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The Guardian of All Things

by devnym

Memory – which ironically is popularly portrayed by the elephant – is what really sets us apart from the rest of the animal kingdom. Not learning by rote or repetition so as to become an instinct over time, but as a conscious, intellectual point of reference in our decision making process that leads to better long term planning and advancement for the species.

By Michael S. Malone

All animals, even microscopic one celled creatures, have memory. But about one million years ago, our hominid ancestors experienced something extraordinary that would play a critical role in turning them into modern human beings: they created a second, artificial, form of memory that existed outside their skulls that could exist outside their presence,even their existence.

Now, those two forms of memory are again about to converge and become one—and the implications to humanity may be as profound as those from that initial schism.

This transformation, as profound as any in human history, began with a creature called Homo Egaster. H. Egaster was an impressive character. Literally: the males stood over six feet tall, with the kind of brow we associate with the much later Neanderthals. H. Egaster was also among the most accomplished hominids in our family tree. For example, he discovered fire. He also led mankind out of Africa for the first time. But Egaster’s greatest achievement was one over which he had little control: he learned to talk, and to do that he first learned how to listen.

These new skills, as profound as any in human history, were the product of three seemingly minor evolutionary changes. The first was a widening of the cervical vertebrae in the throat, which realigned the larynx and tongue and enabled Egaster to introduce unprecedented complexity in the sounds he could make. The second was a new configuration of the middle and outer ear that allowed Ergaster to hear sounds, especially vowels, that other apes still struggle to hear. Finally, and most important, Egaster began to develop a thin new layer of nerve cells, the cerebral cortex—wadded up, they filled all of the folds of the brain, stretched out they made a sheet about the size of a Hermès scarf—that allowed for the powerful processing of this new verbal data.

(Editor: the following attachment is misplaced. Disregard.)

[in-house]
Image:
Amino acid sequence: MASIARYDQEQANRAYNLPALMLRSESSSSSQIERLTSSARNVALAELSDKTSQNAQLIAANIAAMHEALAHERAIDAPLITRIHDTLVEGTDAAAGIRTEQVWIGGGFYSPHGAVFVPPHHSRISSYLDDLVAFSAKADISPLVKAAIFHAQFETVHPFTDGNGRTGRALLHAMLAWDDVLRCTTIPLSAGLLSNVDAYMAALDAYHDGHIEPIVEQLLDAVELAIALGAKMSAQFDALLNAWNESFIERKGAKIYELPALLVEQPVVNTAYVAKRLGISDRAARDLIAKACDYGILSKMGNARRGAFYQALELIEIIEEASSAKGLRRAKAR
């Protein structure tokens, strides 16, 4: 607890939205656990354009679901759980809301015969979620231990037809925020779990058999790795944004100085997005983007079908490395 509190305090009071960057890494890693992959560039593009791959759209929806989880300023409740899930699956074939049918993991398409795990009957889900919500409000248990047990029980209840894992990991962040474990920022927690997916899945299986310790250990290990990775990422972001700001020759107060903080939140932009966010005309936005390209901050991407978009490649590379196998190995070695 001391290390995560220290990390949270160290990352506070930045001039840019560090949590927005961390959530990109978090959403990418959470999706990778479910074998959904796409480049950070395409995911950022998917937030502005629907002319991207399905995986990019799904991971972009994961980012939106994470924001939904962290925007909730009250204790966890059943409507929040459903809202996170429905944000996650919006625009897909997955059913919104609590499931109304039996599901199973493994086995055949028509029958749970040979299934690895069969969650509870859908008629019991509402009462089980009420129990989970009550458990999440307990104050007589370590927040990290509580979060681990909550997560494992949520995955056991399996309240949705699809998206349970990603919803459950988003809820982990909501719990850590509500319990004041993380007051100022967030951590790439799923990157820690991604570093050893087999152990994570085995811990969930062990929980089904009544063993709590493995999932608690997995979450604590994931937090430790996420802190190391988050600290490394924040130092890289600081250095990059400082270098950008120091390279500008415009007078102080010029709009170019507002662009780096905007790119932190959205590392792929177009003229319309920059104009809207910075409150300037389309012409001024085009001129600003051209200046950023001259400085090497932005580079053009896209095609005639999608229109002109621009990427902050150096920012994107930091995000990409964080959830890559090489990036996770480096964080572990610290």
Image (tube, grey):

Unfortunately, Homo Egaster’s brain wasn’t big enough to take full advantage of these new tools, so while he likely did invent human speech (fire, exploration and speech—not a bad legacy) it could not have progressed far. Rather, the task of inventing language would fall to his successor, H. Heidelbergensis. Heidelberg Man is one of the most impressive hominids of all (ourselves included). Standing as tall as seven feet (the average Heidelberg Woman was well over six feet), Heidelberg Man was the first true toolmaker; he buried his dead; and appears to have invented both clothing and adornment—all suggesting a creature with a strong sense of self, of life and death, of the cosmos, and most important for our purposes, language. Why is language so important? Four reasons. First, it enables one to convey information over large distances, even beyond line of sight, a skill that is vitally important in travel and hunting. Second, it acts as a social glue, further tying together members of the family or tribe into larger social structures. Third, it creates metaphor, the bundling together of two diverse ideas into a something new and thus an addition to knowledge. Fourth and most important, it allows knowledge to be conveyed through time, from one generation to the next, thus accumulating human intellectual capital. The human oral tradition begins here; the acquired wisdom of one generation doesn’t die with that generation.

Evolving alongside language was a gestural tradition, much of it related to hunting. Even today, modern hunters like the Bushmen of the Kalihari, so as not to spook prey, will organize themselves with a combination of hand gestures and images drawn with a stick or finger in the dirt. At some point in human history—we used to think with early Homo Sapiens (Cro-Magnon

Man), but now perhaps late Neanderthals—those two traditions merged. The picture became the representation of the spoken word. Painted deep in caves, these pictograms became the language of ritual and religion; the keeper of those images, and the leader of the rites surrounding them, was the shaman or priest—the first separate class in human society and the